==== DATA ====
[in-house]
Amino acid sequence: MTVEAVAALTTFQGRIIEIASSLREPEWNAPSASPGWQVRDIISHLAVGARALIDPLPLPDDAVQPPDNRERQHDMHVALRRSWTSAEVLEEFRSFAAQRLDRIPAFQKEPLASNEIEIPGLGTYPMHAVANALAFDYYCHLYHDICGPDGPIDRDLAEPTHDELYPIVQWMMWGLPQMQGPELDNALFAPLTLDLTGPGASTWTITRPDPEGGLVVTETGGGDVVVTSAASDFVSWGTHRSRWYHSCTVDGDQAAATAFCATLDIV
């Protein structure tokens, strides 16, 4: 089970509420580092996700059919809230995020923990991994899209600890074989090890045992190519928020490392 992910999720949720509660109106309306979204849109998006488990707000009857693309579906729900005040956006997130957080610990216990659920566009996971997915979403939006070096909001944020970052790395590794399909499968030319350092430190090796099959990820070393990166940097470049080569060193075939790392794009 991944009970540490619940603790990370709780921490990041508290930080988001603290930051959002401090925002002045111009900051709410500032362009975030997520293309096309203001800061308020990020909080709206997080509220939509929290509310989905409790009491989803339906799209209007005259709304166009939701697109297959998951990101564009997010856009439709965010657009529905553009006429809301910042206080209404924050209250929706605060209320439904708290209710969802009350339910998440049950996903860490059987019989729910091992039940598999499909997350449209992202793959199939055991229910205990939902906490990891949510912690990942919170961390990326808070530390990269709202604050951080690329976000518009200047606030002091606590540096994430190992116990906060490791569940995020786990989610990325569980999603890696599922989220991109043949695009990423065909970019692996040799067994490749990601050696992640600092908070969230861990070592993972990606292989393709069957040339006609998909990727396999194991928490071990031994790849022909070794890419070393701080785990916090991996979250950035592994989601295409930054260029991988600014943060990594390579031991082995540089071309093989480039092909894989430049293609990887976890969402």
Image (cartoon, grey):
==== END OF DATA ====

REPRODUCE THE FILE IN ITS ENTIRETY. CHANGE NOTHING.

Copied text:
[in-house]
Amino acid sequence: MTVEAVAALTTFQGRIIEIASSLREPEWNAPSASPGWQVRDIISHLAVGARALIDPLPLPDDAVQPPDNRERQHDMHVALRRSWTSAEVLEEFRSFAAQRLDRIPAFQKEPLASNEIEIPGLGTYPMHAVANALAFDYYCHLYHDICGPDGPIDRDLAEPTHDELYPIVQWMMWGLPQMQGPELDNALFAPLTLDLTGPGASTWTITRPDPEGGLVVTETGGGDVVVTSAASDFVSWGTHRSRWYHSCTVDGDQAAATAFCATLDIV
């Protein structure tokens, strides 16, 4: 089970509420580092996700059919809230995020923990991994899209600890074989090890045992190519928020490392 992910999720949720509660109106309306979204849109998006488990707000009857693309579906729900005040956006997130957080610990216990659920566009996971997915979403939006070096909001944020970052790395590794399909499968030319350092430190090796099959990820070393990166940097470049080569060193075939790392794009 991944009970540490619940603790990370709780921490990041508290930080988001603290930051959002401090925002002045111009900051709410500032362009975030997520293309096309203001800061308020990020909080709206997080509220939509929290509310989905409790009491989803339906799209209007005259709304166009939701697109297959998951990101564009997010856009439709965010657009529905553009006429809301910042206080209404924050209250929706605060209320439904708290209710969802009350339910998440049950996903860490059987019989729910091992039940598999499909997350449209992202793959199939055991229910205990939902906490990891949510912690990942919170961390990326808070530390990269709202604050951080690329976000518009200047606030002091606590540096994430190992116990906060490791569940995020786990989610990325569980999603890696599922989220991109043949695009990423065909970019692996040799067994490749990601050696992640600092908070969230861990070592993972990606292989393709069957040339006609998909990727396999194991928490071990031994790849022909070794890419070393701080785990916090991996979250950035592994989601295409930054260029991988600014943060990594390579031991082995540089071309093989480039092909894989430049293609990887976890969402």
Image (cartoon, grey):